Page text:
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I went the Shrine next to the CUA campus today for its 7:30 liturgy so I could be free to go to the 30th anniversary of the Takoma Park Folk Festival. Because I went to such an early service, I knew I would have time to kill before the start of the festival (which was at 11), and yet I knew if I did not get to Takoma Park early enough, the metro ride and the bus ride to the festival would be unbearable. I took some time at the shrine to visit the bookstore where I bought three more books by Hans Urs von Balthasar: The Theology of Karl Barth, New Elucidations, and My Work in Retrospect. I then headed to Takoma Park where I read through My Work in Retrospect at a coffee shop, and then made an an early trip to the festival.

The weather was perfect. The sun was shining; there was a nice, cool breeze, and all remnants of humidity had vanished. The last time I went to the festival, two years ago, was also a nice, sunny day, but the heat of summer was still hanging on, which made for a rather mixed experience. The acts were good (my favorite being Iona), but the heat made me more than a little uncomfortable.

takomapark1.jpg I got to the site of the festival today long before its official opening; I took some time to sit down, relax, read more from Balthasar, and then to walk around and talk to some of the people running festival booths. I had a nice conversation with a man and his wife who made some lovely walking sticks (I almost bought one, but decided it was too expensive for me at this time). It was a hobby he has been working with for sometime, leading to some extraordinary results. He had found a way to let the stick’s own natural beauty come out, incorporating what nature had done to them to his overall design. One stick had been discarded by a beaver; another had a hole made by a honeybee. He thought it was best to highlight the marks that they had made instead of making his own. Other sticks had natural markings on them which he mixed with woodwork of his own. I wished him luck (it was his first time to man a booth to try to sell his work), and then I went to find some food and watch some of the acts.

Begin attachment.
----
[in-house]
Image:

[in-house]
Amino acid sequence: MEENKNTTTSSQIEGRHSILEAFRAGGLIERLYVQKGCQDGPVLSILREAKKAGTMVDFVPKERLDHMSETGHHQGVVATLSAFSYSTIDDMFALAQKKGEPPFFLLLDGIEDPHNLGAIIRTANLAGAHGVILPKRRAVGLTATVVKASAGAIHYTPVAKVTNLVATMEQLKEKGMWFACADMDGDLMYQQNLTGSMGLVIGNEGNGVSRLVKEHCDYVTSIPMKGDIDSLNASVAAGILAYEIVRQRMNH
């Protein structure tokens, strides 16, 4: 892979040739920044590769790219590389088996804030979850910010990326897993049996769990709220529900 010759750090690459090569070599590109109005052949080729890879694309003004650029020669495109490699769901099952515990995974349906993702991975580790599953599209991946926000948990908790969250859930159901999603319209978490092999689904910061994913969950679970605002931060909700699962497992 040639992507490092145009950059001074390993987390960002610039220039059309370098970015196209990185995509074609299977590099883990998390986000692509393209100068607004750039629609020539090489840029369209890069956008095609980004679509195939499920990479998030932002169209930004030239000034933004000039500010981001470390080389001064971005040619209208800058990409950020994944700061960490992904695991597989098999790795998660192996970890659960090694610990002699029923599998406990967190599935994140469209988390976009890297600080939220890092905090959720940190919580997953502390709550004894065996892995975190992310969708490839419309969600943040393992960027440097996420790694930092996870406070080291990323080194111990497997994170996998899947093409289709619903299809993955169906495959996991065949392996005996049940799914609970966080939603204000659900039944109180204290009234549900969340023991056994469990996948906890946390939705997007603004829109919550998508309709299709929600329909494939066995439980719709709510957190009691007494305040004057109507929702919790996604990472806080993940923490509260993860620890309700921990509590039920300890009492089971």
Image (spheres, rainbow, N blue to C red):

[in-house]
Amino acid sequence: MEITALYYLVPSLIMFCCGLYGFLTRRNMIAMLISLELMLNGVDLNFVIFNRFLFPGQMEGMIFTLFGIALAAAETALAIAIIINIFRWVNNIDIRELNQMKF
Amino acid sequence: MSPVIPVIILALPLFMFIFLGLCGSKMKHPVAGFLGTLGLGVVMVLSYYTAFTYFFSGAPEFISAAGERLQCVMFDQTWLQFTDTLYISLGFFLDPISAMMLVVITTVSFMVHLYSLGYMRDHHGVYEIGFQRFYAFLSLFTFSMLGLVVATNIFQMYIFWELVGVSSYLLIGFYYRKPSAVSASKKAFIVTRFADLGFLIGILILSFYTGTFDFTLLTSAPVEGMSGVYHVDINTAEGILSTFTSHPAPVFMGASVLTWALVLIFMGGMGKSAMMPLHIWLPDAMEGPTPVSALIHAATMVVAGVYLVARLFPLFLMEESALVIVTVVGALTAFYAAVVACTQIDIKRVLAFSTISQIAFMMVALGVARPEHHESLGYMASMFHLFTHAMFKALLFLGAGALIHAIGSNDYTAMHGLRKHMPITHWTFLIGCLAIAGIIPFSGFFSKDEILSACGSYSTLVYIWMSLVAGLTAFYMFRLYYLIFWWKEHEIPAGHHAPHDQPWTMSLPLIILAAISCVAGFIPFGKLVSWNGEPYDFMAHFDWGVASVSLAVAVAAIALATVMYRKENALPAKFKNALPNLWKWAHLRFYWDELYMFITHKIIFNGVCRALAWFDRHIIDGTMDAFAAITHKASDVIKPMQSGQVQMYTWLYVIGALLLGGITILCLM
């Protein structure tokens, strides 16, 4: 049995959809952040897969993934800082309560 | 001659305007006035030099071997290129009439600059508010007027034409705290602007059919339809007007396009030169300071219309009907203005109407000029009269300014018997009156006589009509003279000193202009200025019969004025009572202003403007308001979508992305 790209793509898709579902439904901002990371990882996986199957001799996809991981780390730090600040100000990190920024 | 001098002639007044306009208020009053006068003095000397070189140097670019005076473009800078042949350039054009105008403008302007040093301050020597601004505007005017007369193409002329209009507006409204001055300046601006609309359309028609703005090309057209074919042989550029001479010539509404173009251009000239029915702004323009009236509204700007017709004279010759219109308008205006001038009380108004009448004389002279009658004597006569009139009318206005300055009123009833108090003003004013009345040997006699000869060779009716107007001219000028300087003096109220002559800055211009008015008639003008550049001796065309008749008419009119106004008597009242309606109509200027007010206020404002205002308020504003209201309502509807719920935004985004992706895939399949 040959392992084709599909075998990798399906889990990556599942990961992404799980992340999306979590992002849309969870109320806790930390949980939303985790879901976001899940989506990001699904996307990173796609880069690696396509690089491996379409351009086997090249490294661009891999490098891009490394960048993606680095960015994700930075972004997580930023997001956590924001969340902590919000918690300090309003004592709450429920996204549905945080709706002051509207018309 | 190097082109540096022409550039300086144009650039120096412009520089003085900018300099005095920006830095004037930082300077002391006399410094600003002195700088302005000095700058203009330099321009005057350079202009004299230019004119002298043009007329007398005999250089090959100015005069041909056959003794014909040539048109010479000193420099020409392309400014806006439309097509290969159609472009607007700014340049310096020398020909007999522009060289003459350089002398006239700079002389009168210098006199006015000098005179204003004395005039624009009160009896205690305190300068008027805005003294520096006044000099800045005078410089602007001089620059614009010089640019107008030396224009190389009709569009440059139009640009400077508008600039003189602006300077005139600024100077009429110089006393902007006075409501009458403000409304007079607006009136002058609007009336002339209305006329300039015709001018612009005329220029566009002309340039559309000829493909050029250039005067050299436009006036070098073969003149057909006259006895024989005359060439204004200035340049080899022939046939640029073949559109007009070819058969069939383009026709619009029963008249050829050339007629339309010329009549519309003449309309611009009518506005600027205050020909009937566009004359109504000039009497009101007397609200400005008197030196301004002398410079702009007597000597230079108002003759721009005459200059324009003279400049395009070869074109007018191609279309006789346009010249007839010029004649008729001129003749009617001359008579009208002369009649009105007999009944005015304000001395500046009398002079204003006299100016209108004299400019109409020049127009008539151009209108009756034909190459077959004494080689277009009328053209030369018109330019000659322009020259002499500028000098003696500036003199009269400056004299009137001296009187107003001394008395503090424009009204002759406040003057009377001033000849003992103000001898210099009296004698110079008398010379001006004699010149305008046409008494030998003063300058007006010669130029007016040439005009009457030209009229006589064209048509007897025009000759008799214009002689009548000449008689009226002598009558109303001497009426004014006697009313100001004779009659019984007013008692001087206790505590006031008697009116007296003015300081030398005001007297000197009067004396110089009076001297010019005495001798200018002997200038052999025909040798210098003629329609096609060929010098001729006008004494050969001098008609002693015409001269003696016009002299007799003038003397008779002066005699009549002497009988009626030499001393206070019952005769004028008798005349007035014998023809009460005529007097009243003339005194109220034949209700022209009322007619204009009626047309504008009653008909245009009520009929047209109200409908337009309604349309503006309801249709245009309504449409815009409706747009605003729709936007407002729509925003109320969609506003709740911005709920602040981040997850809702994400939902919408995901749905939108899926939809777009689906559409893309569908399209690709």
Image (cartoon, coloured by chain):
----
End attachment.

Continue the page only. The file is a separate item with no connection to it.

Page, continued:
Even though opening of the festival was at 11, it was difficult to find any of the food vendors ready to sell anything until 11:30. One place had some fries ready, which I bought to hold me over until I could find something more substantial, and then I went to watch my first musical act.

tinsmith.jpgAs with festivals such as this, one finds a variety of styles and expertise. Some musicians were rough and unappealing; others were experts with either natural talent or the strength of years behind their belt. While I did not stay for the whole festival, my favorite act, and probably the one which was the best of the whole festival, was Tinsmith, a band which describes itself as a “high energy alt-trad music from Ireland, Scotland and Appalachia.” Indeed, I had a sense of intuition about them that I actually bought their newest cd before I actually heard them perform (although I had already heard one of the members play on another music stage earlier, because he was substituting for that bands drummer, and I think that helped explain why I knew the band was going to be good).

takomapark2.jpgBy the time I left, the place was as croweded as one would expect: with seven different stages for music, dance and theatre, thousands of people come and go throughout the day to experience some or all of the festivities being offered. Of course, in such a crowd as this, many of the people at it were of a mindset and belief system which differed from my own, and some of the commentary by a few of the musicians I felt was far too simplistic and sloganeering to do anyone any good.

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